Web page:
Greg Carter and Chris Waterman, of Fitch’s insurance group, assess the impact of the sub-prime crisis on the insurance market

Many of the major European insurance groups have published their sub-prime asset exposures for the third quarter of 2007 and we eagerly await the full-year results over the coming weeks. Most have also published their exposure to asset-backed and mortgage-backed securities. Fitch expects few rating actions from these exposures, which are generally modest . Direct sub-prime exposure for the major groups averages 0.5% of total invested assets.

We do not expect sub-prime and other structured credit products to have a sizeable impact on the solvency of companies, but writing down any losses may impact earnings. Although sub-prime does not represent a significant direct risk for European insurers, the impact on investment markets and on economic growth is likely to have a bearing on the investment yields that insurers are able to generate, as well as on demand for insurance products.

Another challenge facing insurers in the wake of US sub-prime losses is that of liquidity. Many lenders are taking a much more cautious approach to lending and, in some cases, insurers may not be able to access credit facilities, at least over the short-term. The debt markets have also been affected, with many insurers unable to complete planned debt issuance which could create liquidity problems if they are seeking to refinance maturing debt.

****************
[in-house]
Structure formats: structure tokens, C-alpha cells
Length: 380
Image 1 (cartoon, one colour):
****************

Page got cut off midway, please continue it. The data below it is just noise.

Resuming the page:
However, the European insurance market has been very fortunate over the past two years as claims experience has been benign relative to historical averages. This has led to strong cash flows and retained earnings, and excellent levels of capitalisation.

We are concerned that the insurance industry’s exposure to sub-prime losses could increase as legal actions commence in the US. The insurance industry could be exposed to directors’ and officers’ liability (D&O) claims. Furthermore, errors and omissions (E&O) insurance may be called upon. Some commentators suggest that E&O exposures may ultimately be greater than D&O claims, although E&O typically take longer to emerge. With some estimates of the potential D&O exposure of the industry at $3bn, and assuming the E&O losses mature to a greater figure, this is still a loss that can be comfortably absorbed by the industry.